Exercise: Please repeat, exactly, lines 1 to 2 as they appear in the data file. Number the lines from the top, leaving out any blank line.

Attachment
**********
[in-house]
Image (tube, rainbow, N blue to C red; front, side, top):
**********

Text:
[in-house]
Image (tube, rainbow, N blue to C red; front, side, top):